When 20th century French dramatist Jean Anouilh crafted his famous quote “Nobody has a more sacred obligation to obey the law than those who make the law”, he couldn’t have had the ANC in mind.
From a labour law point of view, the dismissal of uMkhonto weSizwe Military Veterans Association (MKMVA) spokesperson Carl Niehaus by the ANC is not only unprocedural and unfair, it is also illegal. Niehaus, in his wisdom, is also correct to call it “draconian” as well.
The ANC has an option to use its disciplinary code of conduct to deal with Niehaus by charging him with misconduct as a party member and not an employee, which could still achieve the same end. But it opted for the dramatic – firing him on the spot.
His dismissal is both a labour and a political issue as the man is a vocal opponent of President Cyril Ramaphosa and post-Nasrec party leadership with a special ally of Jacob Zuma.
Political undertones in the matter include a likelihood that his summary dismissal had an ulterior motive. The Luthuli House bosses could not wait to get rid of a “rebel” who had become a thorn on the side of ANC top brass.
Niehaus made no secret about his dislike for Ramaphosa and the Top 6, except suspended secretary-general Ace Magashule, who hired him. He is front-man for the so-called “Hands-off-Zuma” campaign and a consistent mouthpiece of the Radical Economic Transformation forces.
Labour law expert, founder and MD of Molatudi Attorneys, Osborne Molatudi, said as a labour relations issue, the Niehaus matter hinged on three aspects which any adjudicator would consider when assessing the matter.
It would consider whether the ANC code of conduct does make provision for summary dismissal in a case of this nature and, if so, under what circumstances.
Second, the Labour Relations Act (LRA) Code of Good Practice require that a hearing be conducted before a dismissal is effected against an employee without expressly indicating whether it should be physical or not.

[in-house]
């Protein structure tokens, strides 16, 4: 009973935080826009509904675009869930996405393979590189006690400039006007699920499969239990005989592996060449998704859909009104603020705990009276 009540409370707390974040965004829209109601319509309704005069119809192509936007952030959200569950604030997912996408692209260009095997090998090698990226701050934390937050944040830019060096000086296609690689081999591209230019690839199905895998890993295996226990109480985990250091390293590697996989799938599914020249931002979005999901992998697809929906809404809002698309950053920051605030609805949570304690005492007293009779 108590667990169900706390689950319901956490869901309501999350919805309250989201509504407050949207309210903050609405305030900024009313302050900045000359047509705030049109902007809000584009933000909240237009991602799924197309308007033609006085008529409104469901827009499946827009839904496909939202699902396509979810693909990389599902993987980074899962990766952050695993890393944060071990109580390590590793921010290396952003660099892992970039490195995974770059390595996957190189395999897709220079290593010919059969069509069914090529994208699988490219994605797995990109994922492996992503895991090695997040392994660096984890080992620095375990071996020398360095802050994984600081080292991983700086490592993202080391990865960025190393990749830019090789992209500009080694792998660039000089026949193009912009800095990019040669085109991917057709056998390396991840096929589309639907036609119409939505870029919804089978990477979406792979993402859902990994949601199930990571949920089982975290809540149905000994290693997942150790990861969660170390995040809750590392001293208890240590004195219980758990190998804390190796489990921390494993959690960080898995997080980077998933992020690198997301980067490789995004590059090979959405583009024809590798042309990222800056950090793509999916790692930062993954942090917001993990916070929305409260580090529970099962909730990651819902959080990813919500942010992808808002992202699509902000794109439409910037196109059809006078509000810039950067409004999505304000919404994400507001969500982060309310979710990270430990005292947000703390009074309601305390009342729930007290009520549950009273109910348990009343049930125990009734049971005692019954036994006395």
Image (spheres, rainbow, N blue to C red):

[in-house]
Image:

“However, case law principles and the LRA code emphasise that an employee should not, as a matter of fairness and equity, be dismissed without a hearing, this inclusive of being given sufficient/reasonable opportunity to respond to the allegations against him/her,” Molatudi said.
Lastly, the CCMA or the labour court would consider whether the two-and-a-half hours’ notice the ANC gave to Niehaus was sufficient and justified.
“Remember this is not about Niehaus as a political person but a matter of relationship between an employer and an employee,” Molatudi said.
He said the fact that Niehaus was on two or three warnings before, could have exacerbated his case to warrant a summary dismissal.
ANC general manager Febe Potgieter gave him until today to pack his belongings and leave the party headquarters.
An irate Niehaus responded with a hard-hitting letter, acknowledging penning the media statement which stated his intention to lay criminal charges against the ANC for failing to pay staff salaries. He also accused the party of contravening the Unemployment Insurance Fund Act, Pension Act, Pay-As-You-Earn regulations and the Tax Act as it failed to hand over deductions to the state.
But Niehaus is not taking it lying down, indicating he will challenge the legality and procedure of his dismissal.
He has a strong case against the ANC, whose blunder could let him off the hook, should he approach the CCMA or the labour court.